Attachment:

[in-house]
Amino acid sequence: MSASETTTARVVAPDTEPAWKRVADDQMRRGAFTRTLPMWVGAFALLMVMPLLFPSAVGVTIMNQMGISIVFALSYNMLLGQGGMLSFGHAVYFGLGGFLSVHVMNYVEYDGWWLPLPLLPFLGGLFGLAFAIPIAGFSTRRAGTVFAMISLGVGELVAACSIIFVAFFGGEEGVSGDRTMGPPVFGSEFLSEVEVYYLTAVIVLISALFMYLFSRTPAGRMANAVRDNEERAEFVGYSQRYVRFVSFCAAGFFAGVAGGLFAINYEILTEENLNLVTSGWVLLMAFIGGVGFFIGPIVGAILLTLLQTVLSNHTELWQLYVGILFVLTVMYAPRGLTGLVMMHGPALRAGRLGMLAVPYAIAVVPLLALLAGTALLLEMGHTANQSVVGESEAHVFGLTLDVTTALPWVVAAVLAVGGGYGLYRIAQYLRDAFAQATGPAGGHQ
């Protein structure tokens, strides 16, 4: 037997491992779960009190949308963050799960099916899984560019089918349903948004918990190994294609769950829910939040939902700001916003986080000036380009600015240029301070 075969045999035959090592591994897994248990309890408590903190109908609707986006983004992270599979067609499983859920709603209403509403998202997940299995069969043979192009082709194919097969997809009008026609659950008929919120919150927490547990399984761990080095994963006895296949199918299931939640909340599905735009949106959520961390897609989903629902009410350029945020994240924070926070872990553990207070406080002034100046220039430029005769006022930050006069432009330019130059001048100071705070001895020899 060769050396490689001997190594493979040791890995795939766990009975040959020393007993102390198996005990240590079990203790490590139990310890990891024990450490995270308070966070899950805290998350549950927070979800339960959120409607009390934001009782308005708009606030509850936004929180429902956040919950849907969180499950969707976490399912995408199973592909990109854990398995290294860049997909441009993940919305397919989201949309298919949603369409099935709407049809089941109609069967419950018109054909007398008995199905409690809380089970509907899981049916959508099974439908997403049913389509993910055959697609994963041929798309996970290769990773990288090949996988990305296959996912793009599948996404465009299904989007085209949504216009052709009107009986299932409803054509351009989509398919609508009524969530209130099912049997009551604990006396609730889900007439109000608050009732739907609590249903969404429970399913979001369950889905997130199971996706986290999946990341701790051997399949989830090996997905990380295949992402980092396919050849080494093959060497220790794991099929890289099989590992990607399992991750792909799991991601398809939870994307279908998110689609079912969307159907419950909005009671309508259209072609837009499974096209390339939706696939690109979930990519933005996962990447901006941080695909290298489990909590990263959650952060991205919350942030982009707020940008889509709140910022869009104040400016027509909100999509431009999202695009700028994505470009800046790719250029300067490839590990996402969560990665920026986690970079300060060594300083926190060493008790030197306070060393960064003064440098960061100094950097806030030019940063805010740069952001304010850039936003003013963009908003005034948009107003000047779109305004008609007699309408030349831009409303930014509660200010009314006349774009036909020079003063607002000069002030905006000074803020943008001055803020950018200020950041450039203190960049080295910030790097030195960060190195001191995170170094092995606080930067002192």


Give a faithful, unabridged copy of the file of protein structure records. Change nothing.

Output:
[in-house]
Amino acid sequence: MSASETTTARVVAPDTEPAWKRVADDQMRRGAFTRTLPMWVGAFALLMVMPLLFPSAVGVTIMNQMGISIVFALSYNMLLGQGGMLSFGHAVYFGLGGFLSVHVMNYVEYDGWWLPLPLLPFLGGLFGLAFAIPIAGFSTRRAGTVFAMISLGVGELVAACSIIFVAFFGGEEGVSGDRTMGPPVFGSEFLSEVEVYYLTAVIVLISALFMYLFSRTPAGRMANAVRDNEERAEFVGYSQRYVRFVSFCAAGFFAGVAGGLFAINYEILTEENLNLVTSGWVLLMAFIGGVGFFIGPIVGAILLTLLQTVLSNHTELWQLYVGILFVLTVMYAPRGLTGLVMMHGPALRAGRLGMLAVPYAIAVVPLLALLAGTALLLEMGHTANQSVVGESEAHVFGLTLDVTTALPWVVAAVLAVGGGYGLYRIAQYLRDAFAQATGPAGGHQ
């Protein structure tokens, strides 16, 4: 037997491992779960009190949308963050799960099916899984560019089918349903948004918990190994294609769950829910939040939902700001916003986080000036380009600015240029301070 075969045999035959090592591994897994248990309890408590903190109908609707986006983004992270599979067609499983859920709603209403509403998202997940299995069969043979192009082709194919097969997809009008026609659950008929919120919150927490547990399984761990080095994963006895296949199918299931939640909340599905735009949106959520961390897609989903629902009410350029945020994240924070926070872990553990207070406080002034100046220039430029005769006022930050006069432009330019130059001048100071705070001895020899 060769050396490689001997190594493979040791890995795939766990009975040959020393007993102390198996005990240590079990203790490590139990310890990891024990450490995270308070966070899950805290998350549950927070979800339960959120409607009390934001009782308005708009606030509850936004929180429902956040919950849907969180499950969707976490399912995408199973592909990109854990398995290294860049997909441009993940919305397919989201949309298919949603369409099935709407049809089941109609069967419950018109054909007398008995199905409690809380089970509907899981049916959508099974439908997403049913389509993910055959697609994963041929798309996970290769990773990288090949996988990305296959996912793009599948996404465009299904989007085209949504216009052709009107009986299932409803054509351009989509398919609508009524969530209130099912049997009551604990006396609730889900007439109000608050009732739907609590249903969404429970399913979001369950889905997130199971996706986290999946990341701790051997399949989830090996997905990380295949992402980092396919050849080494093959060497220790794991099929890289099989590992990607399992991750792909799991991601398809939870994307279908998110689609079912969307159907419950909005009671309508259209072609837009499974096209390339939706696939690109979930990519933005996962990447901006941080695909290298489990909590990263959650952060991205919350942030982009707020940008889509709140910022869009104040400016027509909100999509431009999202695009700028994505470009800046790719250029300067490839590990996402969560990665920026986690970079300060060594300083926190060493008790030197306070060393960064003064440098960061100094950097806030030019940063805010740069952001304010850039936003003013963009908003005034948009107003000047779109305004008609007699309408030349831009409303930014509660200010009314006349774009036909020079003063607002000069002030905006000074803020943008001055803020950018200020950041450039203190960049080295910030790097030195960060190195001191995170170094092995606080930067002192």